1. Systems biologist receives $2.5 million Pioneer Award for genome research
2. Scripps Research Institute receives $20 million to shed light on HIV drug resistance
3. FEMA awards $1 Million to WPI to develop groundbreaking toxic gas sensors for firefighters
4. IU optometrist receives $1.9 million to assess street-crossing program
5. Moffitt Cancer Center researcher receives $2.1 million grant from NCI for answering Provocative Question
6. Scientist receives $2.8 Million to study cell signaling mechanism and develop potential therapeutics
7. Nearly $50 million in research funding awarded by NSF
8. $8.9 million NIH grant to study genomic link to premature heart disease
9. UCF nanoscientist receives $2 million NIH award
10. Saving brains in developing countries: $11.8 million for innovative ideas worldwide
11. Funding for neglected global diseases research at UBC exceeds $20 million
Post Your Comments:
(Date:11/25/2015)... ... November 25, 2015 , ... ... recognized once again for its stellar workplace culture with the company’s Cincinnati office ... , Medical Solutions’ Cincinnati office was named a finalist in Cincinnati Business Courier’s ...
(Date:11/25/2015)... ... November 25, 2015 , ... On November 10, 2015, Bohrer ... Court of Connecticut on behalf of a home health care worker who provided companionship ... former home health care workers employed by Humana, Inc., Humana at Home, Inc., and ...
(Date:11/25/2015)... ... ... Dental professionals who would like to become more proficient on their knowledge of ... Advanced Implant Mentoring (AIM) CE course. Courses will be held on December 3rd, 4th ... Implant Mentoring (AIM), Dr. Iacobelli and Dr. D’Orazio are proud to announce that individuals ...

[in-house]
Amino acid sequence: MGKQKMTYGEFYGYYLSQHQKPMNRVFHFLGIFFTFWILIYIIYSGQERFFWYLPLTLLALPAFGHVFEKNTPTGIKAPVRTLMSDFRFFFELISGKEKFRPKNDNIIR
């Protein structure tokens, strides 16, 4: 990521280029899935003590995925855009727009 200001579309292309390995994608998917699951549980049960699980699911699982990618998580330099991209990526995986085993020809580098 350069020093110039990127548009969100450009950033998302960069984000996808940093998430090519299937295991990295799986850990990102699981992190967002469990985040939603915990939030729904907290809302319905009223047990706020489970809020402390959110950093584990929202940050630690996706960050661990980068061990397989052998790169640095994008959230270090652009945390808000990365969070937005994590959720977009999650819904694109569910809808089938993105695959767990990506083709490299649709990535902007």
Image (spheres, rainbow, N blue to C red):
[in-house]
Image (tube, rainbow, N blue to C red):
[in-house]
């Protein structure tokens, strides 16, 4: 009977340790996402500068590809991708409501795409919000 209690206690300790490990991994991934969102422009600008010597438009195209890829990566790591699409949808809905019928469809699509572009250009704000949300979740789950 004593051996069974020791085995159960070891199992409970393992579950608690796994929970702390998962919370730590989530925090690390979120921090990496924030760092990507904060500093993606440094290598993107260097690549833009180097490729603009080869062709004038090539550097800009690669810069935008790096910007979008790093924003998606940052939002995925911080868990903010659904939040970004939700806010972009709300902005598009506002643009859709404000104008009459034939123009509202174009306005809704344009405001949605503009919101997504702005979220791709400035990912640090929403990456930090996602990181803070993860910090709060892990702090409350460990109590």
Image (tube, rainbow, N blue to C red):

(Date:11/25/2015)... , ... November 25, 2015 , ... On November 23rd ... Tri Lite’s personal heating products business. Cozy Products explains what this means ... that fit in well with the Cozy Products business model: to sell personal heaters ...
(Date:11/25/2015)... , ... November 25, 2015 , ... ... decades of music, friendships, and learning in its 65th Anniversary Brillianteen Revue, scheduled ... 5-6. , For 65 years, Brillianteen has been a treasured tradition ...
Breaking Medicine News(10 mins):
(Date:11/25/2015)... N.Y. , Nov. 25, 2015  Henry Schein, ... and services to office-based dental, medical and animal health ... (GNYDM) Meeting the Henry Schein ConnectDental® Pavilion , ... broadest array of open solutions designed to help any ... Click here for a schedule of experts ...
(Date:11/25/2015)... issue of United States patent No. 9,192,509  entitled: " Methods and Apparatus ... AVACEN 100 dry heat therapy medical device and specific methods of use, referred to by the ... - ... ... ...
(Date:11/25/2015)... YORK , November 25, 2015 ... market of self-monitoring blood glucose devices was valued at ... grow with a CAGR of 5.7% during 2015 - ... geriatric population and increasing prevalence of diabetes. In addition, ... diabetes care is also contributing to the growth of ...
Breaking Medicine Technology: